AML3D and its Arcemy®
Founded by Andrew Sales in 2014, AML3D Limited is an Australian manufacturer who has been developing a Wire Additive Manufacturing or WAM® technology named Arcemy®. After experiencing the traditional arc welding process, the founder has been researching, developing tools and processes to enhance the Wire Additive Manufacturing process. His research led to the development of the ARCEMY® print module which is being commercialized today.
“Born from traditional welding processes, AML3D’s emerging WAM® technology is adaptable, allowing for an extensive range of capability to manufacture by means of point-to-point welding (i.e. pipe welding) through to additive metal layering (metal 3D printing) to fabricate near-net parts in a free-form environment”, the company states.
The company’s Direct Energy Deposition (DED) technology uses a variant of Wire+Arc Additive Manufacturing (WAAM). Its ARCEMY® technology combines the capabilities of welding science, robotics technology, metallurgy and the company’s proprietary software WAMSoft® and AMLSoft®. Interesting fact, the manufacturer can remotely monitor and/or manage the ARCEMY® Print Module from the Central Control Room located in Adelaide (Australia).
Among the key features that may help the ARCEMY® system distinguish itself from others of the same range, one notes that the certified manufacturing process WAM® uses certified wire feedstock for manufacture, which is sourced locally, allowing for production to stay on-shore.
The Australian expert ensures that, due to the manufacturing process which has been supported by NATA testing, WAM® steel printed parts are stronger than forged. From a materials perspective, “up to 80% material waste can be saved when compared to traditional subtractive manufacturing and there is also no consumable wastage, as 100% of the wire consumable is deposited for the near net part/shape being produced”, the company told 3D ADEPT Media. AML3D has already achieved several applications such as an elbow pipe or a propeller. The company points out that WAM® printed parts can be printed on-demand – in a few weeks – and 3D printing maritime applications can receive official verification from DNV.
GEFERTEC: more than just another metal AM alternative
GEFERTEC is one of the machine manufacturers Verlinde mentioned earlier when talking about machine tool-based WAAM systems. Founded in 2015, the German company chose the 2017 edition of EMO Hannover for its first public appearance. At the time, the metal AM market was still dominated by powder-based technologies. For GEFERTEC, coming to the metal AM market was not only a means to provide another metal alternative to manufacturers who were embracing AM technologies, it was also giving manufacturers who were used to conventional manufacturing processes, the possibility to choose between a milling machine and a metal 3D Printing machine.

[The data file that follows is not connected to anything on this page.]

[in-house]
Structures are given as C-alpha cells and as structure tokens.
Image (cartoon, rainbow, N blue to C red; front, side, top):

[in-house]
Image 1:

Like machine manufacturers here, GEFERTEC delivers a completely integrated WAAM process that includes software and machinery. The company explains that their arc-and wire-based process that works with their dedicated CAM software. Here, a build-up strategy for the component is determined and the G-code for the arc-machinery is created.
“Then, the near-net-shape part is printed fully automatically and in a controlled manner. Through the arc the wire is melted and layed down layer by layer. The finishing process of the printed near-net-shape part is then to be realized on a separate milling – or drilling machine”, the company said.
From a materials perspective, one notes that up to 600 cm³ per hour can be produced depending on the material used, be it steel, nickel-based materials, titanium or aluminum. The company also ensures that material utilization is highly optimized compared to metal-cutting manufacturing processes, which enable the operator to save up to 60% in material costs, especially for expensive materials such as titanium.
While no information is shared about how large 3D printed workpieces can be when using a GEFERTEC machine, one interesting application the company shared for this dossier is a project that was conducted for Deutsche Bahn AG. The project required the use of their 3DMP® process for the fabrication of mobility-relevant spare parts that are no longer available from stock and sometimes had extremely long delivery times. “A typical component is the secondary roll stop required in the bogies of ICE trains. This component limits the transverse play of the railroad car body and thus ensures the safe cornering of the trains in tight track curves”, the company outlines.
With years of expertise behind and many more ahead, GEFERTEC prides itself on being an end-to-end WAAM manufacturing solution that develops and qualifies the individual application for each customer to help them successfully implement WAAM into their production.
This dossier has first been published in the 2021 May/June Edition of 3D ADEPT Mag.